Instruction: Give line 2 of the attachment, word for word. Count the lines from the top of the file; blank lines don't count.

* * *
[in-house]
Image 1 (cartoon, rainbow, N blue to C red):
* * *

Image 1 (cartoon, rainbow, N blue to C red):